Do not judge and you will not be judged.
Forgive and you will be forgiven.
Give and it will be given to you.
Luke 6: 37-38

9 January 2014

Why do TV shows make fun of dads?



Even Peppa Pig and the Flintstones were named as programmes that damage children's perceptions of fatherhood. 
A ground-breaking survey by parenting website Netmums found 93% of parents agree the portrayal of Dads in the media doesn't reflect what they contribute to families in real life. 
Nearly half - 46 % - said books, adverts and TV shows like The Simpsons - famed for couch potato Dad Homer Simpson - could make children believe that Dads are "useless".
Some 28 % claimed the programmes were a "very subtle form of discrimination" and there would be an outcry if jokes aimed at Dads were aimed at women, ethnic minorities or religious groups.
Just last summer, Homer Simpson topped a Father's Day poll to find the UK's favourite film Dad. He was also named the Best Role Model, Most Embarrasing, and Funniest Dad.

But Netnums founder Siobhan Freegard said: "Good dads have never been more needed by their families. So it seems perverse we are telling men to step up and be involved, while running them down in the media.
"Some people claim 'it's just a joke' - but there's nothing amusing about taking away good role models for young boys."

She added: "Academic studies show children with involved fathers do far better at school, have a much lower chance of getting involved in crime and have better mental health, so we should be celebrating and encouraging what dads do well."Critically there was little difference in the responses given by women to the NetNums survey than those sent in by men. The survey reveals that a quarter of those polled believe rocketing divorce rates are the main issue undermining fatherhood. Click here to read it on line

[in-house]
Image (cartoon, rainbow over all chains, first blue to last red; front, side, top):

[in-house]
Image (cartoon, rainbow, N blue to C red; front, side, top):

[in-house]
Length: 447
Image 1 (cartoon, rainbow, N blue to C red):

One in nine men say the number of women choosing to have kids alone through IVF or sperm donation was a pressing concern. Others fear the influence of step parents. Some 88 per cent of Dads insist they are trying to do be a better father than their own one.
After having seen a programme on Revelation TV, an interview with David G. Evans, about dads becoming men after God's own heart, I read his book, Dare to be a man, the truth every man must know and every woman needs to know about him. 
It's a very inspiring reading that I recommend to any age for men and women. 

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I was born in France and brought up as a catholic. After the traumatic divorce of my parents, I moved to England and became a lost sheep. However I was convinced that I was 'a good person' until I fell in a muddy pit in July 2005 after taking decisions without seeking God's Word for guidance.  I cried out to the Lord and He heard me. I was rescued and redeemed by Jesus-Christ my saviour. He has turned my life around. 
I live blissfully with my husband Steven,  a c.o.e. vicar, near Stafford (UK). We are the proud parents of three loving daughters, I am also a step-mum, I have an amazing family including a step mum, two brothers and two sister and a dear sister-in-law and her children and grand-children, lots of cousins and eleven nephews and nieces. We live near Stafford in the UK.